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‘He’s a Good Guy’: Police Sergeant Barred from Investigating Citizen Complaints After Favoring Officer Who Shot a Woman In the Face with a Rubber Bullet

Sgt. Jeffrey Newman of the Ft. Lauderdale Police Department has been removed from his role investigating citizen complaints about police after he was accused of showing bias in favor of an officer who shot a woman with a rubber bullet during a protest.

Newman reportedly told 34-year-old LaToya Ratlieff, a civil rights protester who was struck by a rubber bullet, that the officer who shot her was his friend, and that the shooting was not intentional.

Ratlieff said Newman told her: “I’ve worked with [him] before. He’s a good guy. I know he didn’t intentionally mean to do it. And it’s my job to investigate and to see what happened.”

LaToya Ratlieff (The Miami Herald YouTube/ Screenshot)

The demonstrator was shot in the face by Detective Eliezer Ramos while protesting at a Black Lives Matter demonstration in downtown Fort Lauderdale on May 31. During the protest, officer body cameras recorded them making threats to the demonstrators, saying things like, “get that motherf—er” and “pop his a–.”

As a result of his comments to Ratlieff, Newman has been removed from his post at the Office of Academic Affairs. An internal department memo said that Newman’s actions had created “serious doubt … on his ability to independently investigate the matter.” 

Ramos said he did not shoot Ratlieff intentionally, and meant to strike a man who was tossing tear gas canisters back at police. She was preparing to leave the protest just before she was shot, recalled blood spilling from her head as she rode to the hospital in a stranger’s car.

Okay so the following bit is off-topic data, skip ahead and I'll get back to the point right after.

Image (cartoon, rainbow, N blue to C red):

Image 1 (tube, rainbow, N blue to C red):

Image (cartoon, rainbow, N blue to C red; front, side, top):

“Where is the accountability to say that this is going to be the last incident?” she questioned during an interview two weeks after her injury. “For those officers that have that power and abuse that power, what are they going to do to ensure that power is taken away.”

LaToya Ratlieff (Associated Press/YouTube Screenshot)

Ratlieff and her attorneys both became concerned about Newman’s level of objectivity after meeting with officials on Aug. 10. First, the investigation had been placed on hold and the assigned officers were not working on it at the time. In addition, Ramos and Newman were friends, which created a conflict of interest that the Internal Affairs Department said “calls his judgment into question.”

After learning about the relationship between Ramos and Newman, Ratlief was “in shock,” according to her attorneys Michael Davis and Benedict Kuene.

“We need systems in place in every police department which ensure unbiased investigations which follow the facts and pursue justice,” Ratlieff said. “Despite this issue, I do still plan to participate in the investigation once the city resumes it.”

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